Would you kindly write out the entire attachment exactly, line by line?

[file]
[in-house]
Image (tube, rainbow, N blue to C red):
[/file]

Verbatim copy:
[in-house]
Image (tube, rainbow, N blue to C red):